Now go to a horse racetrack. It had installed our sensors in a refrigeration unit at a restaurant that picked up temperature fluctuations that indicated the unit was failing. This time, the problem occurred on a day off, so a lot of food could have spoiled by the time anyone noticed. The sensors prevented that loss -- and headed off what could have been a big mess in the restaurant.
Another example is the roof hatches right above the pediatric unit at a hospital. Sensors detected three leaks, one of them above an electrical panel. Imagine the problems if water had gotten into electrical outlets.
We put the IoT devices in theaters on Broadway to protect high-value equipment. We put them in wine cellars.
So you start to get a real sense of the spread of potential uses – with the common thread being prevention. If you prevent something small from developing into something big, that’s fantastic.
I’ve heard people talk for a while about what they call the Internet of Me – based on sensors on our wrists in our FitBits or Apple watches, maybe with slim cuffs that continually measure blood pressure, with perhaps contact lenses that constantly monitor blood sugar and even with sensors the size of a grain of rice that we ingest and that can measure all sorts of blood levels. Do you see much potential there?
I think the promise is very cool. Look at the need and at the cost of healthcare. Anything you can do in the way of preventative health assessments is a good thing. Maybe your Apple watch picks up an irregularity in your heartbeat and you go see a doctor.
Sensors that monitor us could also encourage us to live healthier lifestyles. Maybe we insurers can provide incentives.
For example, Chubb’s LifeBalance app is a virtual coach that is available in Korea, Thailand, Hong Kong and Indonesia. It’s up to customers to decide how to set this up and tailor it, but it provides a pretty holistic view of their health. They can track their activities, their sleep and their diet and get feedback in terms of scores and incentives. We've had a couple of examples where the app has picked up health issues, and customers have gone to get medical help.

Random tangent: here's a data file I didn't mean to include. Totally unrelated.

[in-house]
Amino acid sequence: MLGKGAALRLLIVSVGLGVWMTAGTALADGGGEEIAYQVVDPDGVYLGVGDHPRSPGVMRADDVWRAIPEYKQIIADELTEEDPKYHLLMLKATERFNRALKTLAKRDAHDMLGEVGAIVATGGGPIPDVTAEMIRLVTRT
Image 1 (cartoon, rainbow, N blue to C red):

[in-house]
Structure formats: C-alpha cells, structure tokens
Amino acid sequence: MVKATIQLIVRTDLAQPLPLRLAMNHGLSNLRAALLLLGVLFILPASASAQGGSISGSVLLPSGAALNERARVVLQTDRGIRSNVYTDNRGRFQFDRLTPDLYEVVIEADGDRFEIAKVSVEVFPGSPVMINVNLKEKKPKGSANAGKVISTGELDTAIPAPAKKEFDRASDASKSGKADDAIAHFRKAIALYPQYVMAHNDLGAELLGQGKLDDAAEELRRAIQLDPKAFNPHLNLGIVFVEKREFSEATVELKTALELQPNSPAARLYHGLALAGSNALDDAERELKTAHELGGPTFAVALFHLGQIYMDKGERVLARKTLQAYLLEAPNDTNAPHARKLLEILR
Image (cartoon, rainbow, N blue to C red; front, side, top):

I think IoT really can lead the way on healthcare.
When people think about the IoT, a lot of them think about all the devices, but you have described the IoT as really an architecture. I think that’s the right way to think about it, because the devices don’t do you any good unless you have the right way to communicate from that water sensor in the library to the person in the middle of the night, or to a shutoff valve or whatever. Where are we in terms of building out the architecture, and where does it go from here?
We're early days in terms of developing IoT architecture. You need interoperability between devices, networks and connection points. You also need to be able to maintain data security, especially for the sort of sensitive data we were just talking about. We spend a lot of time with our clients when we're installing these devices, making sure we're not compromising their perimeter. Any erosion of cybersecurity or privacy would damage reputations, so we have to get this right.
You have to think about how you’re going to capture the data, where you’re going to store it, how you’re going to aggregate it – and you have to be able to aggregate it at scale. So, we have a ways to go, but we’ll start small and be able to build out the IoT architecture, figuring it out along the way.
I assume this will all get easier, certainly the ROI will increase, as more of these sensors and shutoff valves and so forth get built into buildings and machinery rather than being retrofitted. If so, how quickly do you see the economics changing?
I think we’ve proven to ourselves that the ROI is already clear, and more and more of our clients are seeing that as we get more use cases to share. They don’t just prevent losses – and all the disruption that comes with them -- but save on manual inspection processes.
The argument is already compelling, and the prospects for the future are incredibly exciting.